Financial Crime and the EU Referendum: Was Brexit a Case of Market Abuse?
Market Abuse is a crime punishable by up to 7 years in prison and steep fines.
Why aren’t Boris Johnson, Michael Gove, David Cameron, and Nigel Farage being investigated by the Financial Conduct Authority for Market Abuse? There is strong evidence that Brexit Campaigners and the Tory Party may have committed Market Abuse Under the Financial Services Act of 2012 and/or the Market Abuse Directive.
The Financial Services Act 2012 makes it illegal to mislead the public in order to manipulate financial markets and instruments — in the case of the Leave campaign, the pound currency.
Two types of Market Abuse stand out as relevant to the campaign for Brexit as it was run in the UK in 2016.
Dissemination: Giving out information that conveys a false or misleading impression about an investment or the issuer of an investment where the person doing this knows the information to be false or misleading.
Leave campaigners have stated on television and via printed materials that £350 million was sent each week as part of British EU membership, a figure that has since been recanted by the Leave campaign.
They have also stated that Turkey is set to join the EU in the near future, a deliberate action in order to incite fear in the public and prompt a Leave vote, despite a 2015 Commission Report on Turkey highlighting serious blocks to the accession of Turkey including a poor human rights record, limits to free expression and administrative issues. As of April 2016 it appears that Turkey hadn’t even begun the Chapters 23 and 24 assessments which would have tested these very issues, a test that at present Turkey would most likely fail. The EU has also said publicly that no new country will join in the next five years. In addition, leaflets were distributed to homes highlighting Syria, implying incorrectly that this was also a future candidate for the EU.
Leave campaigners have also falsely reassured the public that little would change economically and politically for Britain in the event of a Leave vote, dismissing the testimony of multiple financial experts as “project fear”. Leave campaigners were already aware that both the climate in Brussels and the economic realities of an interconnected economy would make the consequences of leaving severe, and that they were knowingly misrepresenting this to the public.
These examples of misleading the public meet the criteria of “misleading impression” , one calculated to prompt the public to vote Leave, which would in turn have a destabilising effect on the already falling pound.
Distortion and misleading behaviour: Behaviour that gives a false or misleading impression of either the supply of, or demand for, an investment; or behaviour that otherwise distorts the market in an investment.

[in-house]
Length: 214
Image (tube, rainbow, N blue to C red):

The factually false claim that we send £350 million per week to the NHS been crucial in convincing the public to vote leave. Nigel Farage, immediately after the referendum, publicly announced that £350 million would not be secured for the NHS by leaving the EU. This was not an announcement made after a careful reassessment of the facts — Farage behaved as if he knew this all along.
By creating an illusion of the EU being a direct cause to the NHS cuts recently experienced, the Leave campaign created enough of a link to win public confidence that exiting the EU would save a considerable sum of money. Despite being publicly declared as false, this figure still remained in the minds of referendum voters, with 47% of the public still believing that this figure is true, despite public admissions that this information is false. This deliberate distortion had a direct impact on the Brexit vote, which in turn has an immediate impact on the valuation of the pound currency.
Though he campaigned for remain, Tory PM David Cameron has changed positions on the EU referendum more than once, winning his 2015 election on the basis of calling an EU referendum, but then supporting remain.
David Cameron was well aware that the public do not trust him. In May it was reported that an opinion poll showed only 18% of respondents trusted David Cameron on the EU. Despite this he continued to campaign personally as the face of the Remain campaign with multiple television appearances, knowing that this would push the public further toward the Leave vote that would destabilise the pound currency.
Nigel Farage and other members of the Leave campaign has been spearheading the Leave campaign’s assertions that leaving the EU could “save the NHS”, with paid advertisements proclaiming that the money saved by leaving the EU could be put back into our national health service which has suffered badly under the austerity government. This premise has been proven as completely false. The value of the pound has dropped to 1.39 on the dollar, nullifying any potential for economic savings as a result of Brexit. Only a few months before the referendum, Nigel Farage himself has advocated for the replacement of NHS within a ten year period with a private health service, so this is a blatant misrepresentation of both his views and the possibility of an improved NHS under Brexit.